This question was asked in my number theory quiz and I was unable to solve it.

Prove that there exists infinitely many primes of the form 5k-1.

Professor was kind enough to give a hint to consider $5(n!) ^{2} -1$ .

I proved that any prime dividing $5(n!) ^{2} -1$ must be greater than n but can't think of anything. Even I can't think along the lines along $x^{2} \equiv a$ (mod p) as 5 is there along with square of n! .

It's my humble request to you to shed some light on this question.

It's a first course on number theory and contains elementary number theory only.

  • $\begingroup$ See: en.wikipedia.org/wiki/Wilson%27s_theorem $\endgroup$ – vvg Oct 21 '20 at 16:16
  • $\begingroup$ Are you meant to have determined the primes for which $\left(\frac 5p\right)=1$? $\endgroup$ – lulu Oct 21 '20 at 16:18
  • $\begingroup$ It would help if you explained what techniques you have available. If, say, you are familiar with quadratic reciprocity, it is not difficult to finish the argument from the given hint. Can't say that I see a sensible way to avoid the use of something like that (which, of course, does not mean that there isn't one). $\endgroup$ – lulu Oct 21 '20 at 16:22
  • $\begingroup$ No he doesn't mean $\big(\frac{5}{p}\big)=1$ He just means $p\equiv 4\pmod{5}$ $\endgroup$ – Vlad Oct 21 '20 at 16:25
  • $\begingroup$ @Vlad Not following. The "usual" argument, based on the hint, would be to remark that $5$ must be a square mod any prime dividing $a_n=5(n!)^2-1$ and then to note that $a_n$ can't only be divisible by primes of the form $5k+1$. I assumed the intent here was to follow the hint. Should add: I'd say that using Dirichlet here is serious overkill. $\endgroup$ – lulu Oct 21 '20 at 16:27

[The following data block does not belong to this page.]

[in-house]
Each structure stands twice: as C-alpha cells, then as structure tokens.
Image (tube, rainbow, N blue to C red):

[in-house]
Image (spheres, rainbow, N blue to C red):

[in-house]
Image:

Assume that there were only finitely many primes in the form $5k-1$, say $p_1, p_2\cdots\cdots p_r$ and $p_r$ is the largest. Consider the number $$N=5(p_r!)^2-1$$ Let $p$ be a prime divisor of $N$. Then we have $$5(p_r!)^2-1\equiv0\pmod p$$ $$(5p_r!)^2\equiv 5\pmod p$$

Therefore we see that $\left(\frac{5}p\right)=1$. In particular, $p\equiv \pm 1\pmod5$.

Now, if all prime divisors of $N$ were of the form $p\equiv1\pmod5$, then $N$ would be of the form $5k+1$, which is, however, not the case.

We conclude that at least on prime divisor of $N$ is of the form $5k-1$. Note that such $p$ cannot be any of the $p_i$ above. At this point we have arrived at a new prime of the form $5k-1$. Contradiction! BANG!


One of the best theoremes ever:

Dirichlet's theorem: Given any $a,b\in\mathbb{N}$ such that $\gcd(a,b)=1$, there are infinitely many primes in the arithmetic progression $an+b$ (and $bn+a$, obviously); as a reformulation, there are infinitely many primes that are $\equiv b\pmod{a}$ (and viceversa, again).

Remember that, it is good.

As an alternative solution to your problem, Wilson's theorem is pretty good for proving that for any prime $p$ there exist intifitely many primes of the form $pk-1$, but cannot even be compared to Dirichlet.

  • 1
    $\begingroup$ Please give a link or sketch of the proof using Wilson's theorem that your refer to above (note that the proof in Student1058's answer does not use Wilson's theorem). $\endgroup$ – Bill Dubuque Oct 21 '20 at 22:00

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